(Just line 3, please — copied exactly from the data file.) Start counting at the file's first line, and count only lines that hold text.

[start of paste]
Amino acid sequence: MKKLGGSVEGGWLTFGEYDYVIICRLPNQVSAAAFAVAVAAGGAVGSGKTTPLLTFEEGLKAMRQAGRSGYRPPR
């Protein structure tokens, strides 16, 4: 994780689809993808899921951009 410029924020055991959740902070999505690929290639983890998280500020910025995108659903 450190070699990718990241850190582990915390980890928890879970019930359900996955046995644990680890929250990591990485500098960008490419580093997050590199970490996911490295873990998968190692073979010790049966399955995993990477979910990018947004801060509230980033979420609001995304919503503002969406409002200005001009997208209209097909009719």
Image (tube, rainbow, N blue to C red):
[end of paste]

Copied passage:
Image (tube, rainbow, N blue to C red):